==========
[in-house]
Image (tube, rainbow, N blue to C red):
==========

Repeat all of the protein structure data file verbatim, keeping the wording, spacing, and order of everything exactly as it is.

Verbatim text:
[in-house]
Image (tube, rainbow, N blue to C red):